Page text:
Colson Whitehead is one of America’s most acclaimed novelists. He was the recipient of a MacArthur “genius” grant for his fiction, which includes Apex Hides the Hurt and John Henry Days. His latest novel is Sag Harbor, about the African American beach enclave.
We talk with Whitehead about why he chose to write a coming-of-age novel without any grand revelations – no bodies found in caves, no one hit by cars. We also chat about why he made such a firm turn away from high-concept fiction towards unassuming naturalism, and how he overcame his fear of teenagers and his own teenage years.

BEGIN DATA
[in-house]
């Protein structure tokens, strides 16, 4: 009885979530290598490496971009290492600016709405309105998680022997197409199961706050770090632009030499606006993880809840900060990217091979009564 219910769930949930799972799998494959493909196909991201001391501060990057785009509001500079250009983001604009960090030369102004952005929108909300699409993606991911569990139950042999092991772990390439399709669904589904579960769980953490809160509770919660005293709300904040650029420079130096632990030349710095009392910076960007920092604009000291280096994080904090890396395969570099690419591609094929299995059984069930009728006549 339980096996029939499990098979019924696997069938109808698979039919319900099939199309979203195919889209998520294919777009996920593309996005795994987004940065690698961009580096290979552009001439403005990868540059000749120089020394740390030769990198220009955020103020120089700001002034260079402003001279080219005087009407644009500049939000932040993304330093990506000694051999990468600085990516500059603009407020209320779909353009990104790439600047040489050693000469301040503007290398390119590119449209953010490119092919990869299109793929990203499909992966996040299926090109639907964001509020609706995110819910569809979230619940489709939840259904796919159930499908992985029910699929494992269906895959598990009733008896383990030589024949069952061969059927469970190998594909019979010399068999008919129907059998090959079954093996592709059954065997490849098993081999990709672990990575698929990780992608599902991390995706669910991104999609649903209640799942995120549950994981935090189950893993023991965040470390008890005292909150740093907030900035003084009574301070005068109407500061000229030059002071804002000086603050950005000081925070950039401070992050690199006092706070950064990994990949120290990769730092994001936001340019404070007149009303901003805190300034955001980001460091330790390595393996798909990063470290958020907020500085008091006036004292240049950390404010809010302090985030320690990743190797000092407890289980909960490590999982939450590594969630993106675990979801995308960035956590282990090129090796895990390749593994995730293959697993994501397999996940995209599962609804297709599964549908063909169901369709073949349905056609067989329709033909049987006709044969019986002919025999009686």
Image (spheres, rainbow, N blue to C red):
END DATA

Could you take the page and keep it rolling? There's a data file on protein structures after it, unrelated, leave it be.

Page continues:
About the show
Bullseye is a celebration of the best of arts and culture in public radio form. Host Jesse Thorn sifts the wheat from the chaff to bring you in-depth interviews with the most revered and revolutionary minds in our culture.
Bullseye has been featured in Time, The New York Times, GQ and McSweeney’s, which called it “the kind of show people listen to in a more perfect world.” Since April 2013, the show has been distributed by NPR.
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